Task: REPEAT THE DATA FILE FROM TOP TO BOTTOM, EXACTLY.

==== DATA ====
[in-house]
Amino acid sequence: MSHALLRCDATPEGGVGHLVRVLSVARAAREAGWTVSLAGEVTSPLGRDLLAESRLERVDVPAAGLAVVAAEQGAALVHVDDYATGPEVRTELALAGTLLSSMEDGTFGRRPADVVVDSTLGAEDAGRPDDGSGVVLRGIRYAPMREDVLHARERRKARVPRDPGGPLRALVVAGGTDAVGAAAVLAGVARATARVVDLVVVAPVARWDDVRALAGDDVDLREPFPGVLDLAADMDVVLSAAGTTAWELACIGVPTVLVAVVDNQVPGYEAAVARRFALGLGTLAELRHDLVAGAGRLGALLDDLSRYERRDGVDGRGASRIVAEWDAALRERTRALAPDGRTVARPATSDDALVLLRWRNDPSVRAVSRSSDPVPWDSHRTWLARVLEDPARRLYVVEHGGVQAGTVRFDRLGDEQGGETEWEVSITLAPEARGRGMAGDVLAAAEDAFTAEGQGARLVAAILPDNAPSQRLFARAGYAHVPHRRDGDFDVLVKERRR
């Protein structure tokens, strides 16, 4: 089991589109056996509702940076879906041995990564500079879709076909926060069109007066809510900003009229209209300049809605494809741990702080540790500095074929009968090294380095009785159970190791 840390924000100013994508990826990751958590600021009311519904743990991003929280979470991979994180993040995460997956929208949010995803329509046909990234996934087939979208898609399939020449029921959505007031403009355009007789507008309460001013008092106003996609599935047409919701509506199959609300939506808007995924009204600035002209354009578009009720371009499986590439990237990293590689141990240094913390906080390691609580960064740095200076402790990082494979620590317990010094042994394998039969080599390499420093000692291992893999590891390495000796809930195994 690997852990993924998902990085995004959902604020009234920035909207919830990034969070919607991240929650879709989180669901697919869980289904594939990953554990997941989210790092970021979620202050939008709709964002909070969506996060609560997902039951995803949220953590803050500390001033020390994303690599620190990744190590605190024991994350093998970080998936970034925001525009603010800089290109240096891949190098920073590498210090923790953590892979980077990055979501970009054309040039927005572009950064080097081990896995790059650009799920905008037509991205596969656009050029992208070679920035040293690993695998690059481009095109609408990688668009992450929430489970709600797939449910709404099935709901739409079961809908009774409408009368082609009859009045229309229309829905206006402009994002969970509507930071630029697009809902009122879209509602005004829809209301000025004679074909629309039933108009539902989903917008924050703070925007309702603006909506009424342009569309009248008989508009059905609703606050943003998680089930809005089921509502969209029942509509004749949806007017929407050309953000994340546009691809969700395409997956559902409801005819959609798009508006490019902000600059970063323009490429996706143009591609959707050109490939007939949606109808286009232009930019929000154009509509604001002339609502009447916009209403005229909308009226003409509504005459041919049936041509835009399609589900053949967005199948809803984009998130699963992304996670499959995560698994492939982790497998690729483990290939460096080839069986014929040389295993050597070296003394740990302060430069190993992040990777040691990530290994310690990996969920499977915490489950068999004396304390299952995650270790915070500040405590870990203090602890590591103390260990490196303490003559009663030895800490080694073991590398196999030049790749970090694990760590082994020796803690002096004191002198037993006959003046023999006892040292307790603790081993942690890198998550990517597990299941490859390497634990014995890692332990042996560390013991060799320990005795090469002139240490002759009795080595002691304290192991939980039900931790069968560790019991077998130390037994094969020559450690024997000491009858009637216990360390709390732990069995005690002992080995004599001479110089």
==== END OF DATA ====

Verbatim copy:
[in-house]
Amino acid sequence: MSHALLRCDATPEGGVGHLVRVLSVARAAREAGWTVSLAGEVTSPLGRDLLAESRLERVDVPAAGLAVVAAEQGAALVHVDDYATGPEVRTELALAGTLLSSMEDGTFGRRPADVVVDSTLGAEDAGRPDDGSGVVLRGIRYAPMREDVLHARERRKARVPRDPGGPLRALVVAGGTDAVGAAAVLAGVARATARVVDLVVVAPVARWDDVRALAGDDVDLREPFPGVLDLAADMDVVLSAAGTTAWELACIGVPTVLVAVVDNQVPGYEAAVARRFALGLGTLAELRHDLVAGAGRLGALLDDLSRYERRDGVDGRGASRIVAEWDAALRERTRALAPDGRTVARPATSDDALVLLRWRNDPSVRAVSRSSDPVPWDSHRTWLARVLEDPARRLYVVEHGGVQAGTVRFDRLGDEQGGETEWEVSITLAPEARGRGMAGDVLAAAEDAFTAEGQGARLVAAILPDNAPSQRLFARAGYAHVPHRRDGDFDVLVKERRR
């Protein structure tokens, strides 16, 4: 089991589109056996509702940076879906041995990564500079879709076909926060069109007066809510900003009229209209300049809605494809741990702080540790500095074929009968090294380095009785159970190791 840390924000100013994508990826990751958590600021009311519904743990991003929280979470991979994180993040995460997956929208949010995803329509046909990234996934087939979208898609399939020449029921959505007031403009355009007789507008309460001013008092106003996609599935047409919701509506199959609300939506808007995924009204600035002209354009578009009720371009499986590439990237990293590689141990240094913390906080390691609580960064740095200076402790990082494979620590317990010094042994394998039969080599390499420093000692291992893999590891390495000796809930195994 690997852990993924998902990085995004959902604020009234920035909207919830990034969070919607991240929650879709989180669901697919869980289904594939990953554990997941989210790092970021979620202050939008709709964002909070969506996060609560997902039951995803949220953590803050500390001033020390994303690599620190990744190590605190024991994350093998970080998936970034925001525009603010800089290109240096891949190098920073590498210090923790953590892979980077990055979501970009054309040039927005572009950064080097081990896995790059650009799920905008037509991205596969656009050029992208070679920035040293690993695998690059481009095109609408990688668009992450929430489970709600797939449910709404099935709901739409079961809908009774409408009368082609009859009045229309229309829905206006402009994002969970509507930071630029697009809902009122879209509602005004829809209301000025004679074909629309039933108009539902989903917008924050703070925007309702603006909506009424342009569309009248008989508009059905609703606050943003998680089930809005089921509502969209029942509509004749949806007017929407050309953000994340546009691809969700395409997956559902409801005819959609798009508006490019902000600059970063323009490429996706143009591609959707050109490939007939949606109808286009232009930019929000154009509509604001002339609502009447916009209403005229909308009226003409509504005459041919049936041509835009399609589900053949967005199948809803984009998130699963992304996670499959995560698994492939982790497998690729483990290939460096080839069986014929040389295993050597070296003394740990302060430069190993992040990777040691990530290994310690990996969920499977915490489950068999004396304390299952995650270790915070500040405590870990203090602890590591103390260990490196303490003559009663030895800490080694073991590398196999030049790749970090694990760590082994020796803690002096004191002198037993006959003046023999006892040292307790603790081993942690890198998550990517597990299941490859390497634990014995890692332990042996560390013991060799320990005795090469002139240490002759009795080595002691304290192991939980039900931790069968560790019991077998130390037994094969020559450690024997000491009858009637216990360390709390732990069995005690002992080995004599001479110089």